Prison Breaks pp 115-142 | Cite as

Chapter 4 Mocking the State: Heroism, Humanity and Humiliation in the Context of Naxal Jailbreaks in India

  • Atreyee Sen
Chapter
Part of the Palgrave Studies in Prisons and Penology book series (PSIPP)

Abstract

This chapter will analyse the position, potentialities and politics of mass prison escapes in the context of violent, anti-state political movements in India. Indian security services identify contemporary anti-national insurgents as the most prominent danger to local government machineries. One such alleged menace is the banned Naxalite movement, composed of Communist Party of India (CPI) Maoist guerrilla groups that emerged as rebel factions within the history of Indian communism. Prominent state actors are involved in brutal counter-insurgency operations in Naxal-dominated areas, and the army, police and paramilitary commandos have played a significant role in the capture, torture and illegal deaths of Naxalites, their supporters, sympathizers and affiliates. This chapter offers a sociographic overview of recent and past jailbreaks by members of the Naxal movement and illustrates how the language of autonomy, human dignity and self-determination remains deeply embedded in the plotting, execution and aftermath of mass prison escapes. I show how the staging of organized, daring and well-planned prison attacks, revolts and escapes mocks and exposes the prison system as administrative and organizational disasters. I eventually argue that escaping the grip of the state through jailbreaks led by anti-state, pro-poor political prisoners becomes a subaltern moral triumph, which may not institute deep-seated social change, but allows both the postcolonial state and the citizens to reflect on the discriminatory misuse of state-sanctioned power on the ground.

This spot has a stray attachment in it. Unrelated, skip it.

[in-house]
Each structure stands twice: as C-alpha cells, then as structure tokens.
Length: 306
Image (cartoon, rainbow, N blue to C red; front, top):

References

  1. Amnesty International. (1974, September 21). Detention Conditions in West Bengal. Economic and Political Weekly, 9(38), 1611–1618.Google Scholar
  2. Anderson, C. (2007). The Indian Uprising of 1857–58: Prisons, Prisoners and Rebellion. London: Anthem Press.Google Scholar
  3. Aretxaga, B. (1995, June). Dirty Protest: Symbolic Overdetermination and Gender in Northern Ireland Ethnic Violence. Ethos, 23(2), 123–148.Google Scholar
  4. Arnold, D. (1994). The Colonial Prison: Power, Knowledge and Penology in Nineteenth-Century India. In D. Arnold & D. Hardiman (Eds.), Subaltern Studies VIII (pp. 148–187). New Delhi: Oxford University Press.Google Scholar
  5. Arreguín-Toft, I. (2012). Contemporary Asymmetric Conflict Theory in Historical Perspective. Terrorism and Political Violence, 24(4), 635–665.CrossRefGoogle Scholar
  6. Balagopal, K. (2006, July). Maoist Movement in Andhra Pradesh. Economic and Political Weekly, 41(29), 3183–3187.Google Scholar
  7. Banerjee, S. (2009). In the Wake of Naxalbari – Four Decades of a Simmering Revolution. Kolkata: Sahitya Samsad.Google Scholar
  8. Basu, P. (2000). Towards Naxalbari (1953–1967): An Account of Inner-Party Ideological Struggle. Kolkata: Progressive Publishers.Google Scholar
  9. Bhatia, B. (2005a). Jailbreak and the Maoist Movement. Economic and Political Weekly, 40(51), 5369–5371.Google Scholar
  10. Bhatia, B. (2005b). The Naxalite Movement in Central Bihar. Economic and Political Weekly, 40(15), 1536–1549.Google Scholar
  11. Feldman, A. (1991). Formations of Violence: The Narrative of the Body and Political Terror in Northern Ireland. Chicago: University of Chicago Press.CrossRefGoogle Scholar
  12. Goldstein, D. M. (2003). Laughter Out of Place: Race, Class, Violence, and Sexuality in a Rio Shantytown. Berkeley: University of California Press.Google Scholar
  13. Gupta, C. (2001). The Icon of Mother in Late Colonial North India: ‘Bharat Mata’, ‘Matri Bhasha’ and ‘Gau Mata’. Economic and Political Weekly, 36(45), 4291–4299.Google Scholar
  14. Hart, M. ‘T. (2007). Humour and Social Protest: An Introduction. IRSH, 52, 1–20.Google Scholar
  15. Kennedy, J. (2014). Gangsters or Gandhians? The Political Sociology of the Maoist Insurgency in India. India Review, 13(3), 212–234.CrossRefGoogle Scholar
  16. Kishwar, M. (1988, December 24–31). Nature of Women’s Mobilisation in Rural India: An Exploratory Essay. Economic and Political Weekly, 23(52/53), 2754–2763.Google Scholar